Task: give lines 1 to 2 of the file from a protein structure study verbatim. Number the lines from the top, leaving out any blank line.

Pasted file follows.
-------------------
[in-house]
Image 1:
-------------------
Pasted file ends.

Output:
[in-house]
Image 1: